Through our classes, lectures, and extra-curricular discussions, we encounter a variety of personalities and a significant divergence of ideas: No two people argue in the same way, and no idea is so menial or manifest that it doesn’t deserve a fair hearing. We have learned to release a selfish desire to be right, so that we are truly free to listen to others with respect and compassion. Everyone has validity. Everyone has value. Everyone has some measure of veracity. This understanding proved crucial on the front line of the Walk, where we encountered opposition, none of it civil, much of it profane. Strengthened by our time at the College, we were able to respect and value even the protestors, recognizing the right of the opposition to voice its dissent without feeling threatened.
The constant challenges made to our positions in the classroom also have taught us that our convictions must consist of more than simply feeling a certain way about a topic — we must know why. This perpetual question leads, ever gradually, to an activism born of conviction — a life in service to that truth which we so ardently pursue. Aristotle notes in his Ethics, “It is the true arguments that seem most useful … with a view to life. For since true arguments are in harmony with the deeds, they carry conviction; hence, they prompt those who understand them to live in accord with them.” Thomas Aquinas College seeks to produce young men and women who desire to put truth into action, truth which is not merely felt, but studied, known, and revered. It further seeks to prepare us to defend the truth, by means of reason, wherever it is challenged — whether in the classroom or on the streets of San Francisco.
Developing Our Voices
I have often wondered why, given the training we receive, the College doesn’t encourage us to be more active during our time here. After all, if our formation is so ideal, it seems that we ought to seek opportunities to practice the virtues we’re learning. Why wait until after graduation to become active in the world around us?
It seems to me there are two reasons why the school imposes these limitations. First, activism requires training — and training requires commitment. Extra activities are distracting and sometimes all-consuming; my own participation in organizing the Walk this year caused several days of poor class preparation and even some absences. There is also a necessary order of development: I must first determine my convictions, because I cannot be an activist if I lack true conviction as the motivation for my action. This is our time to prepare, to develop our thoughts, spirits, and hearts. This is our time to learn how to think, enable ourselves, and thus enable others. This is our time to learn to live in service of the truth. The College is not trying to keep us from the world, but to prepare us for it.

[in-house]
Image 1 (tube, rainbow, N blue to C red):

Second, Thomas Aquinas College’s seclusion offers students a unique opportunity to form our own characters. This goes beyond the strengthening of our spiritual lives and the peaceful opportunity to develop habits of virtue in a strong moral community. Through the College’s decision not to endorse extra activities, my participation in them becomes truly my own. I don’t take part in such events because they are convenient or because the school creates the opportunity. My activism is not as a TAC pro-lifer, but as Zachary Reynolds, who is being equipped to choose the prolife position for my life and to live in conformity with that conviction.
In this respect, the school’s policy of limiting outside activities becomes its greatest strength; my pure commitment to my formation here produces my ability to lead and to act. Thomas Aquinas College is not merely a beginning from which one may fall away; rather, the education is a firm foundation upon which to build our lives.
Going to San Francisco each year is an opportunity to use the abilities we students are gaining, but one that doesn’t prematurely launch us. Experiencing the Walk for Life makes us excited for what we can do, but also creates hope for what we will do.
My musings came to an end while sitting in a small diner at the end of the day as I realized that there is more to our voice than an impassioned cry; that we are capable of so much more than mere noise. Through Thomas Aquinas College’s dedication to purpose and each student’s dedication to the education it offers, we are developing voices that are worthy of being heard and that will have something of value to say.